Since she participated in the First East and Southern African Regional Symposium on Menstrual Health Management, organized by UNFPA, the United Nations Population Fund and the South African Department of Women in Johannesburg, South Africa in May 2018, she has been speaking about and advocating for improved menstrual health management for girls and women in Uganda through her maiden initiative, Break the Silence Uganda.

In addition to  developing sanitary pads, we are going to tackle issues around access to information and improving existing infrastructure, especially in public schools, to support MHM.

The aim is to move towards more integrated MHM services, and to this end she is working with the University of Makerere to roll out Break the Silence Uganda at 25 public schools in Western Uganda. Although each school hosts 300 girls, the programme is intended to reach 45 to 50 students at each school due to limited staffing capacity.

Ms. Asiimwe anticipates that Break the Silence Uganda will help dispel unhealthy traditional beliefs about MHM, and supply factual MHM resources to girls in schools on how to manage their periods. She also seeks to provide transitional information to women who are ending their menstrual journey, and to inspire boldness in girls and women to share their MHM experiences.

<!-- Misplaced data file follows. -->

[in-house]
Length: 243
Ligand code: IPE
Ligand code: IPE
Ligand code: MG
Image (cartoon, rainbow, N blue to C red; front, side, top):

Watch her interview on NTV Uganda.

“You should not feel ashamed or skip school”

Also inspired by the MHM Symposium is Okeri Ngutjinazo, 21, a journalist from Namibia and an MHM advocate. Through Power Pad Girls (PPG), she is using her writing and speaking skills to contribute to improvements in menstrual health for girls and young women in Namibia. Power Pad is an entity that advocates and raises funds for reusable menstrual pads for Namibian schoolgirls.

A speaker at the symposium, the event has had a profound effect on her outlook on MHM.

Speaking about menstruation has always been a no-go topic in communities. When you [start] your period, you are told that you are now a woman but there is no real explanation of what that actually means.

“Speaking about menstruation has always been a no-go topic in communities. When you [start] your period, you are told that you are now a woman but there is no real explanation of what that actually means,” she said.

Through PPG, Ms. Ngutjinazo aims to dismantle stigmas and taboos around MHM, and promote the production of reusable pads in Namibia.

“Historically, when a woman was menstruating, she was deemed to be unclean during her period, and anyone who touched her or any of her objects would also be unclean until the evening. That should not be what young girls think of and they should be comfortable speaking openly about menstrual health,” she said.